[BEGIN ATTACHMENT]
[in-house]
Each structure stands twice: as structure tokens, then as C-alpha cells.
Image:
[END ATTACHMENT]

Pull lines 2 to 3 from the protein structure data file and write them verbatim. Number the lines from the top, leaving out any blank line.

Each structure stands twice: as structure tokens, then as C-alpha cells.
Image: